I don’t make a lot of money. I teach students who are traditionally underrepresented in math and science. So, I hold on to the idea that my energy is contributing to the good of society. Many teachers continue to teach because of this altruism. But, as the article points out, many potential teachers won’t enter the field because it is easier to get a more substantial paycheck elsewhere. Not that it would be desirable to get top rate scientists in the classroom if the pay was more balanced. Teaching is, as they say, a calling.
    One final point: from my perspective many of the top third science students lack interpersonal communication skills when it comes to content instruction. They understand the concepts easily, and don’t quite know why others don’t. It is important not to simply attract scientists because they have profound understanding, but to attract scientists who can also relate this information to our youth.

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  5. 5. Cosmic 6:07 pm 10/26/2009

    Isn’t competition within schools like competition within your won family? How are you going to use competition to develop innovations that work –wouldn’t that require cooperation?

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  6. 6. jyb 6:23 pm 10/26/2009

    This is assuming we are actually failing at math and science education. Despite its test scores, Singapore hasn’t produced any meaningful science or math advancements.

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  7. 7. fyngyrz 6:28 pm 10/26/2009

    @nburd: Surely you’re familiar with the IQ Gaussian. Unless your curriculum is substantially watered down, there is every reason to expect 50% (or more) of your students to underperform; likewise, there’s every reason to expect students to be treating interpersonal communications as a social issue that sets them apart as a class — because it *does*.

    I an convinced that political correctness is the elephant in the room here. Most of the "problems" are so obvious, and so easily solved, if, and only if, we are able to face them.

    Key factors are religion’s "free pass", the blatant falsehood and consequent expectations set up by the unfortunate inculcation at a very basic level of "we are all created equal", an inability to exact discipline, a vulnerability to almost any trumped-up charge of abuse or acknowledgment of human factors, lack of social respect for teachers, lack of pay for teachers, lack of meaningful performance evaluations for teachers *and* students, massive over-emphasis on opponent-oriented sports and competition instead of guidance toward co-operation and the engendering of respect for intellectual prowess, all of this contributes to the watering down of the very meaning of having a high school diploma.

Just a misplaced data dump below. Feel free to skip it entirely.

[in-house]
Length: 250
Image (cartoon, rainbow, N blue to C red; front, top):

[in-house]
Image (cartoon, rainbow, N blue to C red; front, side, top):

It isn’t difficult to teach those under the right 40% or so of the Gaussian how science works. What’s more, it it far more important to teach how it works than it is to try and stuff a bunch of data into a young person’s head. It is also fairly pointless to do such stuffing if the methodology of science isn’t already well understood. The fact that it isn’t getting done is a national tragedy.

    It’s really no wonder so many high school students exit the institution still believing the earth is 6000 years old, unable to read at any significant level, almost completely unable to compose, with virtually no math skills. As a society, we’ve completely failed them *by our choice to not address the obvious problems*. It’s not going to get any better unless we do. And sadly, I don’t think we will.

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  8. 8. prsrsr 7:01 pm 10/26/2009

    Lil’ Amed, johnny, sue or abdu can’t read is because their mothers and fathers can,t read, bottom line…………..

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  9. 9. warpsix 7:02 pm 10/26/2009

    Around these parts the kids spend the whole year preparing for the f-cat test . No real learning just prepare for that test.

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  10. 10. Nocturnius 9:04 pm 10/26/2009

    It all starts at home…

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  11. 11. hotblack 9:10 pm 10/26/2009

    Add to the fact that the stupid and purposeless are outbreeding everyone else, and within a generation or two…

    Which way will humanity will extinguish itself first? With failure coming from so many directions, and everyone racing to meet it… what we need is a nice graph. Perhaps a roadmap to self-destruction.

    It’ll have:
    Climate Change
    Economic disparity
    Religious conflict
    Nuclear conflict
    Just plain pissin me off in general
    Genetically Modified Junkfood
    Methamphetamine Addicts
    etc etc etc…

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  12. 12. ME-TECH-2 9:16 pm 10/26/2009

    Johnny can hypthesize. It is a x-cultural thing.
    Algerbra (arabic word) is sometimes bypassed
    by high scientists.

    This is called data driven. We do not know the
    theory yet, all though repeated experiments
    show that it is high probablistic correlation.

    So PHD Johnny cuts the rules with approximations
    and data driven results to bypass theory — that
    federal grant from NSA or eleswise may provide
    model for.

    Maybe K-12 math teachers are to status quo to teach
    intutive qualities of math and hypothesis.


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  13. 13. ME-TECH-2 9:16 pm 10/26/2009

    Johnny can hypthesize. It is a x-cultural thing.
    Algerbra (arabic word) is sometimes bypassed
    by high scientists.

    This is called data driven. We do not know the
    theory yet, all though repeated experiments
    show that it is high probablistic correlation.

    So PHD Johnny cuts the rules with approximations
    and data driven results to bypass theory — that
    federal grant from NSA or eleswise may provide
    model for.

    Maybe K-12 math teachers are to status quo to teach
    intutive qualities of math and hypothesis.


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  14. 14. hkscienceteacher 10:13 pm 10/26/2009